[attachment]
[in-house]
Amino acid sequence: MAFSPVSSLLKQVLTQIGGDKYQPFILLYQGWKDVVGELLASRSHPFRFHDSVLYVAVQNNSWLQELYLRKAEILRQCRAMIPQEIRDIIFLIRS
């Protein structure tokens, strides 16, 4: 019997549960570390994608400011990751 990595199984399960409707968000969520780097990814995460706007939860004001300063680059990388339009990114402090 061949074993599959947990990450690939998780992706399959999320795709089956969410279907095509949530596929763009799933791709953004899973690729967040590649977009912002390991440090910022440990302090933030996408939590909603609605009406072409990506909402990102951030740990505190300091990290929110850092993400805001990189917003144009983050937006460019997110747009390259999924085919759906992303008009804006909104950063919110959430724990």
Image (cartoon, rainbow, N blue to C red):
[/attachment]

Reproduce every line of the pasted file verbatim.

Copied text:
[in-house]
Amino acid sequence: MAFSPVSSLLKQVLTQIGGDKYQPFILLYQGWKDVVGELLASRSHPFRFHDSVLYVAVQNNSWLQELYLRKAEILRQCRAMIPQEIRDIIFLIRS
């Protein structure tokens, strides 16, 4: 019997549960570390994608400011990751 990595199984399960409707968000969520780097990814995460706007939860004001300063680059990388339009990114402090 061949074993599959947990990450690939998780992706399959999320795709089956969410279907095509949530596929763009799933791709953004899973690729967040590649977009912002390991440090910022440990302090933030996408939590909603609605009406072409990506909402990102951030740990505190300091990290929110850092993400805001990189917003144009983050937006460019997110747009390259999924085919759906992303008009804006909104950063919110959430724990």
Image (cartoon, rainbow, N blue to C red):